For lunch, keep up with the protein, fiber, and healthy fats combo. "The best way to detox from sugar is to make sure that you are consuming protein and healthy fats. Protein will keep you feeling fuller longer and can also help reduce cravings while healthy fats like coconut oil and avocado will help stabilise your blood sugar and give you the energy you need to power through your day," Jackson says. Try preparing a colorful salad that's topped with beans, quinoa, or lentils and drizzled with olive oil.
It has the nutrients your body needs and will give you sustained energy all afternoon long (so you can avoid that 3 p.m. slump that usually requires a cup—or two—of coffee to escape).
Your lunch break is also a good time to check in with your hydration levels. Water is important to the body's metabolic processes and also helps keep you feeling energised and alert. Plus, it might prevent you from breaking your sugar detox to scarf down one of those conference room donuts. "When a person sees a sweet treat such as a glazed donut, pleasure signals are triggered in the brain," O'Connor explains. "The mind is a powerful thing. Simply seeing something pleasureful can elicit a desire.
However, drinking water can delay your response and give you time to evaluate whether or not it’s a good choice to consume (or if just a bite or two will do)."
Dinner follows breakfast's and lunch's suit. It's, again, all about a vegetable-based meal that includes protein and healthy fats. "You can certainly include whole-grains such as brown rice and quinoa, but limit (don’t restrict) the bread intake and other refined starches," O'Connor reminds us. Try a roasted vegetable medley with a serving of wild salmon, avocado, and brown rice. It's still warm and filling on cold fall and winter days, but without the extra calories and unhealthy fat that comes with other winter-favorite meals, like cream-based soups and starchy pasta dishes.
Start with a base of cruciferous vegetables like spinach and Brussel sprouts before adding carrots, sweet potato, broccoli, or radishes—all of which can be roasted in olive oil. Top it off with a freshly prepared salmon filet and some avocado. We don't know about you, but that sounds so appetising, so filling, and so satisfying.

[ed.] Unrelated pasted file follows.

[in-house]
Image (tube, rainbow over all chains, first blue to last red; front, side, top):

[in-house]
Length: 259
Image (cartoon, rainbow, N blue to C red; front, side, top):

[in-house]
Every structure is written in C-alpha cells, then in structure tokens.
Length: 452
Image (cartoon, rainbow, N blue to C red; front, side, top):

Hidden Sugars to Avoid
As far as snacks go, whether you eat them before or after dinner, be sure to avoid hidden sugars says O'Connor. "There are hidden sugars in many of our packaged convenience foods. And often many of these don’t necessarily take particularly sweet. Take some wheat breads for instance, they may contain barley malt and other 'sugars' such as honey to balance the flavour, but we don’t consider this dessert."
Also be aware of drinking too much alcohol. It's less satisfying than food but still adds a lot of calories to our day with its hidden sugars. "Not only that," O'Connor says, but "alcohol impairs our judgment so we tend to eat 'more freely' as opposed to sticking to moderation."
Aside from packaged and processed foods and alcohol, also avoid eating too much fruit. Jackson says it can have negative effects on the body and encourage more sugar cravings. "There is a place for a little fruit in everyone's diet and isn't something that should be completely cut out, but too much fruit can be very detrimental to your body," she says. "It's packed with sugar, especially in juice form, and is just setting your body up for an insulin crash. Be mindful when you pick up a 'green juice' and check to see how much sugar is in the bottle.
If you are going to eat fruit, aim for lower sugar fruits like berries, which are also packed with other nutrients."
As for what you should eat for a snack, Jackson recommends vegetables with hummus, a small handful of raw nuts or seeds, or something similarly free of added sugars and preservatives.